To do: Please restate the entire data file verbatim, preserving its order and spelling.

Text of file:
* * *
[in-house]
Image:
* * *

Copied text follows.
[in-house]
Image: